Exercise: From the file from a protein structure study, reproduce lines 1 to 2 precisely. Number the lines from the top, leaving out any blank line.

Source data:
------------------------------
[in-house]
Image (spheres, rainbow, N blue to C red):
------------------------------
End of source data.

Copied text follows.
[in-house]
Image (spheres, rainbow, N blue to C red):